The Dow Jones rose 1.61% to 32,637.19 points, the Nasdaq index, 2.68%, to 11,740.65 points, and the broader S&P 500 index, 1.99%, to 4,057.84 points.
"Investors who think the market is undervalued have come forward," commented Adam Sarhan of 50 Park Investments, along with speculative traders who bought to cover their positions.
After a streak of eight consecutive weeks of decline, a first for almost a century (1923), the Dow Jones seemed able to close the week on a rise (+4.39% so far) on Thursday.
"This series of increases (over the week) is like a break," said Adam Sarhan, "a counterpoint."
“What this move inspires to some is that a lot of bad news has already been priced in” to market prices, said Patrick O'Hare of Briefing.com.
The approach to the end of the month also played a role, according to Adam Sarhan, with many managers making last-minute adjustments to their portfolios (“window dressing”).
The New York market also retained the good impression left by the minutes of the last Fed meeting, published on Wednesday.
He showed that the scenario, emerging this week, of a central bank which could slow down from September in its monetary tightening so as not to overwhelm American economic activity, was realistic, according to Joe Manimbo of Western Union.
Wall Street was also sensitive to the good figures published by several companies, particularly in the retail sector, which had started off on the wrong foot last week with Walmart and Target.
The department store chain Macy's (+ 19.31% to 22.92 dollars) thus did better than expected by analysts, as did the decorative items brand Williams Sonoma (+ 13.06%) or the distributor at low prices Dollar General (+13.71%), which even raised its forecast for the year.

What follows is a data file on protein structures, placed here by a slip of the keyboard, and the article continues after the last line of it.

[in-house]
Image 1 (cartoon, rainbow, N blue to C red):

A buoyant wind suddenly blew across the entire retail sector, benefiting Nordstrom (+5.26%), which had also exceeded expectations the day before, but also Walmart (+2.13%) , Target (+4.33%) or Home Depot (+3.15%).
No echo of China and its confinements, the Ukrainian conflict which tends to take a back seat in the news, "in this environment, the absence of bad news is good news", summarized Adam Sarhan, "c That's why the market is going up so much."
Operators also welcomed the announcement of the takeover of the remote computing specialist (cloud) VMware (+3.17% to 124.36 dollars) by the semiconductor manufacturer Broadcom (+3 .58% to $550.66), for an enterprise value of $61 billion.
The operation is a ray of sunshine for a sector which has just had a very difficult start to the year on the stock market.
The graphics card maker Nvidia (+5.16% to 178.51 dollars) benefited from results better than expected by analysts, even if its forecasts disappointed.
Twitter was also sought (+6.35% to 39.52 dollars), after the announcement on Wednesday that Elon Musk had raised the share of direct contribution he was putting on the table to buy the social network, to 33.5 billion dollars, against 21 originally planned.
The entrepreneur thus renounced the entire loan of 12.5 billion dollars guaranteed by Tesla shares that he was initially to subscribe, which earned a rebound in the title of the manufacturer of electric vehicles (+7.43 % at $707.73).
The Chinese e-commerce giant Alibaba was hailed (+14.79% to 94.48 dollars) for its better than expected results.
The group benefited, unlike many others, from the sanitary confinements in China, which boosted sales on the internet.
Manchester United, listed in New York, was sanctioned (-3.77% to 12.52 dollars), after reporting a quarterly loss and an increase in its net debt, which occur at the heart of a calamitous season for the English football club.
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